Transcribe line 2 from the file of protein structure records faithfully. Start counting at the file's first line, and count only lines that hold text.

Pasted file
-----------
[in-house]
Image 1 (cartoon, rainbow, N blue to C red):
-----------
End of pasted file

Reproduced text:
Image 1 (cartoon, rainbow, N blue to C red):